by Chris Chaffin - Saturday, December 14, 2019
Numerous states are stepping up efforts to create new opportunities for people to experience and enjoy traditional outdoor sports. A prime example is the Hoosier State where the Indiana Department of Natural Resources’ (IDNR) Hunt, Trap and Shoot Educational Program (HTSP) is now creating lifelong hunting, trapping and shooting sports enthusiasts. Launched in 2016, the program’s primary focus is on reaching out to novices, including families, adults, veterans, women and individuals with disabilities, to encourage a healthy lifestyle “through physical activity, social interaction and the consumption of locally sourced, free-range proteins from hunting.”
HTSP evolved from the IDNR’s Hoosier Outdoor Heritage Program (HOHP) and Hunt, Fish, Eat Program, established in 2008 and 2012, respectively. Data mining from these two ongoing programs by HOHP Director Jack Basiger and other state Division of Fish and Wildlife staff in 2017 revealed that 60 percent of adult participants wanted to buy a license while only 20 percent of youth participants indicated such interest.
That troubling finding resulted in the IDNR’s expansion of its R3 (recruit, retain, reactivate) outreach efforts to create a Learn to Hunt Program offering multi-day, single-species events taught on an adult level in step with what earlier adult participants had requested. Another finding identified that, in addition to wanting to hunt themselves, many adult participants specifically sought hunting knowledge so they could begin to teach their own children to hunt.
HTSP administrators were quick to recognize that hunting activities couldn’t be learned in a one-day clinic or workshop. Their program evolved to offer a variety of instructional events, including shooting/range instruction, archery, wildlife management, hunting techniques, food preparation and more.
“We concluded that a ‘one and done’ approach wasn’t going to encourage long-time participation,” said Basiger. “So we designed HTSP to take place over a three-to-six month period to keep participants engaged longer, with exposure to a broader range of activities, knowledge and skills.”
HTSP now includes not only hunting but recreational shooting and trapping while providing cross-promotion with the IDNR’s fishing outreach program. Events are usually held at state Fish and Wildlife Areas (FWA) or state forests and are typically comprised of multi-day, game-species-specific workshops that teach the science and skills of hunting. Each workshop is made up of two to four learning sessions that run two to four hours each. Formats include:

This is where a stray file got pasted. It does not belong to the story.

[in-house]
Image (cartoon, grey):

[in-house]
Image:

All events that involve handling and shooting firearms on IDNR Division of Fish and Wildlife (DFW) property or that of DFW partners are “…organized and conducted by responsible, experienced adults.” Instructors are paired with participants at all times when they are holding, handling and shooting firearms, serving as mentors to teach firearms safety as well as safe hunting practices.
Demonstrating an impressive track record, Indiana’s HTSP now conducts 50 to 60 events each year with 500 to 700 attendees.Demonstrating an impressive track record, Indiana’s HTSP now conducts 50 to 60 events each year with 500 to 700 attendees. This includes three to five trapping classes per year that draw 75 to 100 participants each. Some 200 participants already have completed the program’s pistol shooting workshops.
Basiger said future HTSP efforts will include careful assessment of the program’s impacts and thoughtful modification and adaptation to meet participants’ needs and promote growth and participation. Important to note, HTSP administrators have witnessed a notable interest in hunting on the part of those who participated in a shooting activity first, recognizing shooting sports’ role as a gateway to hunting.
With this in mind, Basiger is pushing to increase awareness of the program statewide. He and HTSP administrators plan to seek opportunities to address this in the future, including through expanding partnerships with like-minded groups such as the Indiana Friends of NRA, which provides annual program grants to cover the costs of clays and shotgun shells for upcoming bird hunts.
To learn more about HOSP, contact Basiger at [email protected] or click here https://www.in.gov/dnr/fishwild/2701.htm to visit the for details on HTSP.
Upcoming HTSP Events in Indiana
Sample events scheduled in Indiana for December and January include:
Kingsbury Fish and Wildlife Area
Pigeon River Fish and Wildlife Area
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